Hong Kong’s No 2 official has hit back at global ratings agency Moody’s Investors Service’s move to downgrade the credit outlook for the city, saying it is part of a United States-led smear campaign to curb China’s national development.
Chief Secretary Eric Chan Kwok-ki said on Thursday that it did not make sense to change the outlook to negative from stable over issues with mainland China’s economy.
“Everyone can tell that these ratings by foreign companies like Moody’s have always been smearing Hong Kong, in my opinion,” he told a radio programme.
“Everyone knows that the mainland economy has a big effect on a lot of countries, it trades with the entire world, not just Hong Kong. Are you going to downgrade the outlook for the rest of the world? This does not make sense.”
Chan added Western countries led by the US had always tried to tarnish the image of Hong Kong and the mainland to constrain the nation’s development.
In the wake of the assessment, the city issued a strongly worded statement disagreeing with the changes, saying the agency had made “unfounded comments”.
The move on Wednesday followed a similar change by Moody’s on the outlook for Chinese sovereign bonds, also from stable to negative, on Tuesday.
Highlighting the importance of national security to Hong Kong, Chan on Wednesday said: “If we cannot ensure our national security, like if we have thieves coming into our home to steal and snatch things every day, how can we possibly talk about economic development and improving people’s livelihood?”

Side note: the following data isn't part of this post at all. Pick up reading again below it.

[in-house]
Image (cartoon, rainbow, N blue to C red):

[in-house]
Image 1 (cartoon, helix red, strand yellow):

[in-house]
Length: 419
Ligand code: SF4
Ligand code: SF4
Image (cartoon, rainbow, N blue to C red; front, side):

He added the city remained attractive to multinational companies and overseas talent, despite the report, and noted that the government had received more than 180,000 applications through its various immigration schemes.
“All of these specialists and talent, they are very knowledgeable and professional people, they have confidence in Hong Kong, so how could it be like the ratings by Moody’s?” he said.
Hong Kong has launched an all-out drive to attract talent following a wave of emigration and an exodus of expatriates after Beijing imposed the national security law in 2020 and authorities persisted with some of the world’s toughest Covid-19 curbs.
Authorities have since tried to woo talent by easing visa requirements and introducing various schemes, with efforts also taken to attract strategic companies to the city as well.
Executive Council member and lawmaker Jeffrey Lam Kin-fung said he strongly disagreed with Moody’s latest rating for Hong Kong and urged the agency to avoid judging the city with a jaundiced eye.
He said the local business community had been visiting various parts of the world to draw investments to the city. Economic and trade cooperation between Hong Kong and the Middle East had gradually yielded positive results, he added.
Additional reporting by Danny Mok